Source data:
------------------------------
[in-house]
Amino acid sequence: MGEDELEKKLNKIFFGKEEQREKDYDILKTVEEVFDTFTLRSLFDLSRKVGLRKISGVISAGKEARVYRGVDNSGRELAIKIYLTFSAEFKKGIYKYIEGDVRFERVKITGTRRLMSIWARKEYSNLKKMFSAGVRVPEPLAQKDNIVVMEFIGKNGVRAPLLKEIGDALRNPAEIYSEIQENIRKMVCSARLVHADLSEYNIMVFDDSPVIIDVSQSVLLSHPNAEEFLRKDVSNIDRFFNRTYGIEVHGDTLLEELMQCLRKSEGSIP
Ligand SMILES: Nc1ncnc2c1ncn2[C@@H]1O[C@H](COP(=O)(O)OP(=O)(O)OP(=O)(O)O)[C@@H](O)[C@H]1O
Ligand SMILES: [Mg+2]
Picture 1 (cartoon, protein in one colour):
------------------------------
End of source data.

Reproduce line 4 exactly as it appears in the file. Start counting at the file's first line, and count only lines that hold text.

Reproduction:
Ligand SMILES: [Mg+2]